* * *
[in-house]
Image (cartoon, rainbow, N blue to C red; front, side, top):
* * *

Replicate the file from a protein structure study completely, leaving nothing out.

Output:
[in-house]
Image (cartoon, rainbow, N blue to C red; front, side, top):